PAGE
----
Others You Should Know: Matt LaPorta, Stu Pomeranz, Jeremy Hermeda, Reid Brignac, Micah Owings, Corey Patterson, and Mike Fontenot.

The Pirate MLFA are:

Pitchers: David Bromberg (Altoona), Brooks Brown (Indy), Dan Cevette (Altoona), Erik Cordier (Indy), Jason Erickson (Bradenton), Graham Godfrey (Indy), Jared Goedert (Indy), Doug Mathis (Indy), Jhonathan Ramos (Altoona), Luis Sanz (Altoona), Atahualpa Severino (Indy), Kyle Waldrop (Indy) and Kurt Yacko (Jamestown).

Position Players: Brian Bocock (Indy), Russ Canzler (Indy), Brett Carroll (Indy), Ivan De Jesus Jr. (Indy), Francisco Diaz (WV), Miles Durham (WV), Darren Ford (Indy), Devin Ivany (Bradenton), Lucas May (Indy), Anthony Norman (Bradenton), Miguel Perez (Altoona), Ali Solis (Altoona) and Oscar Tejeda (Altoona).

There are only a couple of keepers on the list. Bromberg looks to be a capable MLB insurance policy for the pen, while Ramos and Sanz have shown unrealized promise. Unfortunately for DeJesus, he's limited to second because of his range, and the inability to play short takes him out of the middle infield reserve mix.

Tuesday, November 5, 2013

11/4-5: Dick Groat, Wee Tommy, Mike Dunne, John Grabow, Lefty, Manny-for-Chuck, Syd, Rod Scurry & John Russell...

Dick Groat, Wee Tommy, Mike Dunne, John Grabow, Lefty, Manny-for-Chuck, Syd, Rod Scurry and John Russell...

  • November 4, 1877 - “Wee Tommy” Leach was born in French Creek, NY. Leach hit 63 career homers; 49 were inside-the-park, which is still a NL record. During Leach's years in Pittsburgh (1900-12), the Pirates won the NL flag four times and World Series champions once. His 1903 triple was the first World Series hit. Leach is still in the top 100 all-time in stolen bases (361) and runs scored (1,355).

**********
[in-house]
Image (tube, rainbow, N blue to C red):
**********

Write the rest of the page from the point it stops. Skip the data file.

• November 4, 1930 - SS Dick Groat was born in Wilkinsburg. The Swissvale Golden Flash HS star was a two sport ace, twice an All-America at Duke in basketball. He was selected as the Helms National Player of the Year in 1952 after averaging 25.2 points per game and played one season in the NBA. But he made a more permanent mark in baseball. As a Bucco bonus baby, he never played in the minors. He was the NL-MVP during the 1960 World Series campaign, and in his Pirate era (1952-62, with two years out for the service), he hit .286 and was a three-time All-Star. A Pitt basketball announcer, in 2011 Groat was inducted into the College Baseball Hall of Fame, becoming the first man ever inducted into both the college basketball and college baseball halls of fame.
  • November 4, 1978 - LHP John Grabow was born in Arcadia, California. Grabow, a third round draft pick in 1997, pitched from 2003-09 for the Bucs until traded to the Cubs. In 390 Pirate appearances, he went 20-15-6/4.09.
  • November 4, 1987 - Padres catcher Benito Santiago was the unanimous selection as the NL Rookie of the Year‚ while Pirate RHP Mike Dunne (13-6, 3.03 ERA) finished second.
  • November 5, 1908 - LHP Ralph “Lefty” Birkofer was born in Cincinnati. Lefty worked for the Bucs from 1933-36 and went 31-26/4.04, mainly as a starter.
  • November 5, 1976 - The Pirates sent catcher Manny Sanguillen and $100,000 to Oakland to land manager Chuck Tanner. It was the second player-for-skipper deal in MLB history (excluding player/managers), the first being in 1967 when the Mets sent RHP Bill Denehy and cash to the Washington Senators in exchange for manager Gil Hodges.
  •  November 5, 1985 - The Pirates hired Syd Thrift as their GM, replacing Harding Peterson.
  • November 5, 1992 - Rod Scurry, one of the main figures of the infamous Coke trials in Pittsburgh during the eighties, died of a cocaine induced heart attack in Reno, Nevada. He was 36 years old.
  • November 5, 2007 - The Pirates named third base coach John Russell as manager, replacing Jim Tracy. The Bucs' new skipper was the 2006 International League Manager of the Year at Scranton.

BBWAA Nominees, Lloyd Lands a Gig, Notes...

The Bucs have a horse in the MVP and Manager of the Year races this year. The award announcements: Rookies, 11/11; Managers, 11/12; Cy Youngs, 11/13 and MVPs, 11/14 on the MLB Network at 6 PM...